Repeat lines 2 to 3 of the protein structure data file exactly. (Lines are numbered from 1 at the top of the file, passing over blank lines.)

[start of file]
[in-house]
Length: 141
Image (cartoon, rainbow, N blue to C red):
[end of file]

Length: 141
Image (cartoon, rainbow, N blue to C red):